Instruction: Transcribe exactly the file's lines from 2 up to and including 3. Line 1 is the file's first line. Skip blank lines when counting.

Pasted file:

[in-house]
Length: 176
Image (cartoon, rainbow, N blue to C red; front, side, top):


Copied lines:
Length: 176
Image (cartoon, rainbow, N blue to C red; front, side, top):